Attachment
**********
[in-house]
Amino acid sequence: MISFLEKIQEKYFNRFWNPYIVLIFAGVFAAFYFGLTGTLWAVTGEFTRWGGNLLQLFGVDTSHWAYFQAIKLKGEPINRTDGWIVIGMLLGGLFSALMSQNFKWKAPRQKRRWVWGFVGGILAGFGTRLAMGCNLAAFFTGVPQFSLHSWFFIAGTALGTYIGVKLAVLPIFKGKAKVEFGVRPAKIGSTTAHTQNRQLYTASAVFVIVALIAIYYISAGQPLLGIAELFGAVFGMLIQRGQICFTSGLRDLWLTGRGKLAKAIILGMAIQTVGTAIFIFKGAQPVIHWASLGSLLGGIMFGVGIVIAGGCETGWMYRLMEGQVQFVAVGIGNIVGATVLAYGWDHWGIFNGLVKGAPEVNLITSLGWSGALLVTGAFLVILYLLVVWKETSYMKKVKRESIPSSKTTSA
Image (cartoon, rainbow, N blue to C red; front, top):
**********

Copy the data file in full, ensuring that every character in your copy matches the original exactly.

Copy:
[in-house]
Amino acid sequence: MISFLEKIQEKYFNRFWNPYIVLIFAGVFAAFYFGLTGTLWAVTGEFTRWGGNLLQLFGVDTSHWAYFQAIKLKGEPINRTDGWIVIGMLLGGLFSALMSQNFKWKAPRQKRRWVWGFVGGILAGFGTRLAMGCNLAAFFTGVPQFSLHSWFFIAGTALGTYIGVKLAVLPIFKGKAKVEFGVRPAKIGSTTAHTQNRQLYTASAVFVIVALIAIYYISAGQPLLGIAELFGAVFGMLIQRGQICFTSGLRDLWLTGRGKLAKAIILGMAIQTVGTAIFIFKGAQPVIHWASLGSLLGGIMFGVGIVIAGGCETGWMYRLMEGQVQFVAVGIGNIVGATVLAYGWDHWGIFNGLVKGAPEVNLITSLGWSGALLVTGAFLVILYLLVVWKETSYMKKVKRESIPSSKTTSA
Image (cartoon, rainbow, N blue to C red; front, top):